Her bill would also make it more difficult for police to pull people over for minor issues, such as having items hanging from a rearview mirror, which community activists say are used as pretenses to stop black drivers in order to look for other criminal behavior.

But for protesters, frustration over the parts of Bowser’s bill that would increase law enforcement powers was still high this week after the recent case of Jason Goolsby. The 18-year-old was tackled by police near Eastern Market after someone called 911 to say he looked suspicious.

“It’s a blanket approach that they take to combating crime,” said Ameen Beale, a protester in Congress Heights on Tuesday.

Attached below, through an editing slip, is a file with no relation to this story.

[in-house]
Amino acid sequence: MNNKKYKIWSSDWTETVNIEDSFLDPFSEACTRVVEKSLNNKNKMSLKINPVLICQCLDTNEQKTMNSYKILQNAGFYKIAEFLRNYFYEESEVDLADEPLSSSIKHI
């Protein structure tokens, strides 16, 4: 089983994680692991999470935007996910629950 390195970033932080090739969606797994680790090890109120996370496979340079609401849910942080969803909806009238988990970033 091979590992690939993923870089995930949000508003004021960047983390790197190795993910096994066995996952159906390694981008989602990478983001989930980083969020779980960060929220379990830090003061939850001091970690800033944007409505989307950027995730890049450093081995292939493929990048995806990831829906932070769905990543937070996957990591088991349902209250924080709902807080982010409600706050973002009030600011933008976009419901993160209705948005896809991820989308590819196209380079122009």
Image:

“You can’t just target everyone and then get lucky and find the random few,” Beale said. “I’ve been in this city my whole life, and those tactics haven’t worked to reduce violent crime.”

McDuffie and several council colleagues have a competing proposal to target the city’s rising homicide rate.

The council member would create an Office of Neighborhood Engagement and Safety to work with people who have a high risk of participating in or being a victim of violent crime. His plan would also establish an Office of Violence Prevention within the Department of Health. Among other things, it would embed social workers in hospital emergency rooms to offer counseling and mediation. McDuffie would also place social workers in the city’s police department and include training on preventing biased-based policing.